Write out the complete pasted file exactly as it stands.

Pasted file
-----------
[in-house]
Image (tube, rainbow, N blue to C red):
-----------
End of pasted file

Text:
[in-house]
Image (tube, rainbow, N blue to C red):